There are a lot of responsibilities that a GM has to keep a party in line, give them narrative, give them the rules, give them the NPCs, and a lot of other things. I like talking about those things because I mostly GM and I like that perspective, but there is a certain level of player obligation as well. RPGs are always in some form or fashion cooperative even between GMs and players. The players themselves are interacting as PCs (playable characters) in a world made up in interesting and free ways to accomplish whatever goal it is. The thing is that there is a lot of interaction between everyone and so many different ways to play. That can really muddy the waters and can spoil the fun for the game, so as a player it’s important to keep some things in mind. Today I’m going to talk about social encounters between players off of the table that can affect gameplay. Later I will definitely write about mechanics and role-playing and I’ll probably link them all together, but for now, we can start here.
The reason I’ve decided to start off the table for PC responsibilities is because it all starts off the table. If your friend invites his girlfriend to play then that relationship might affect his gameplay and you should be aware of that. What if they get into a fight and it shows on the table top. Empathy is crucial to the table-top because every person has a different perspective than you on a situation. A good thing to keep in mind is that people are as infinitely complicated as you are with interests and ideas continuously shifting. People aren’t usually very fluid though so if they are open then you usually know what to expect. The tough part is being open about things.
Now I know that this sounds like a life lessons talk so I think it’s time to bring it back into RPGs and see how this applies. Basically as a player, your job on a social encounter scale is to be open and honest about your goals and drives. “But nick I’m a thief and like lying and thieving and whatnot” that’s cool too because being honest and open is a meta conversation. If your players know you’re a thief that might steal from them and they are ok with that then fine. That’s something that you have to run by your party though because some people hate even the thought of being robbed and you could create an awkward power struggle between players.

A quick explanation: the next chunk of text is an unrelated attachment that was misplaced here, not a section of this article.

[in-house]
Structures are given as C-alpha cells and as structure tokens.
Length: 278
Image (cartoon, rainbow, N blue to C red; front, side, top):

So yeah being shady and having PC secrets is fun with the right people, but you have to make sure the table is ok with that kind of thing. That’s just a simple example but it is a good one for things that can typically happen at the table.
One good thing for a player to figure out is what kind of player they are before they hit the table.
Some PH style gauges for players to decide the kind of play styles they are into:
- Break down the door or talk it over? Are you the kind of player that wants to just do the crawl and kick all the ass or do you look for NPC encounters and narrative. It’s not necessarily impossible for these two types of players to play together. It’s good to know though to give the right expectations to other players. If you do that then it will be easier for you to be patient with the other while they are pursuing their favourite aspect of the game.